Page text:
Neighbor shocked at polygamous Breslover’s arrest

"He didn’t seem insane, but you did feel a strong extremism," neighbor says about prime suspect.

By JONAH MANDEL
August 3, 2011 03:56
2 minute read.
Victim [Illustrative photo]

Rape victim. (photo credit: Judy Siegel-Itzkovich)

The arrest of the male members of the cult, whose members – suspected of severely abusing the women and children – dedicated their lives to spreading their take on Breslov Hassidut, came as a surprise to at least one acquaintance of the prime suspect.

A strict court-imposed gag order on the identity of the suspects left little room for expounding on the group and its actions.

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But a neighbor of the prime suspect, speaking on condition of anonymity, expressed his shock at the news of the arrest and alleged crimes. While the suspect seemed extreme in his beliefs, he didn’t seem to be the abnormal person who would be capable of the deeds he is being charged with, the neighbor said.

“The man came from a very cultured place,” he said of the suspect, who made aliyah from the West. “He came from a place with a firm tradition of democracy, and was going to continue his parents’ business.

Then suddenly he decided to go back to Judaism, but not standard religion, rather to a very extreme place.”

The neighbor didn’t even realize that the suspect had more than one wife.

“I asked him how many children he had, and when he told me the high number I was very surprised, especially since his wife – the only one I thought he had – was also from the West,” he said. “He never mentioned more than one. But in the haredi world such a number of children is not unheard of.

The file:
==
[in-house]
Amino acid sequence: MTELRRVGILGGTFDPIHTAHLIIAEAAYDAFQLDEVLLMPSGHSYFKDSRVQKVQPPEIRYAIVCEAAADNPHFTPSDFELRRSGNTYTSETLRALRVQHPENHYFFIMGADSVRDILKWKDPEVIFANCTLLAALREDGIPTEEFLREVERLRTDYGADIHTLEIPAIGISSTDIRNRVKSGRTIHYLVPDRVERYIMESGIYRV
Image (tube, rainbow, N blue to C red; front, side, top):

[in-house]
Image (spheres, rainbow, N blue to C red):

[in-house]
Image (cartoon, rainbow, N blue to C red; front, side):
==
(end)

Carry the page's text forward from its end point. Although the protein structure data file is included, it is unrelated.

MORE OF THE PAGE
“Their living conditions were very difficult, because of the ideal of spreading the Breslov principles. I couldn’t understand how his wife would take it, he told me it was her dedication to the cause,” said the neighbor.

The cult leader claimed to be a disciple of Rav Yisrael Oddesser, a controversial Breslov figure who claimed he was the embodiment of the spirit of Rabbi Nahman of Breslov, and that Jerusalem was the new Uman. The cult leader, known as the Saba (grandfather), claimed that a large family working in outreach, especially with dancing in the streets and concerts, was the best tool to further his message and bring redemption.

“He didn’t seem insane, but you did feel a strong extremism, a powerful idea, in the faith in the rabbi, to dance, be happy, a sort of new vision. But I never got the feeling he was insane.

He told me about his past, his parents, and the financial burden his activities resulted in,” said the neighbor.

Upon hearing that the suspect was married to six women, “I fainted,” said the neighbor.

“What, such things even existed? Not even with two wives? “These people want to increase joy,” the neighbor said of the men who dance in public places, in the name of the Breslov doctrine. “On the other hand, it reached torture – something is incomprehensible here.

This is at the fringe of society, and reflects in no way on the haredi and religious lifestyle as a whole,” he said.

Melanie Lidman contributed to this report.


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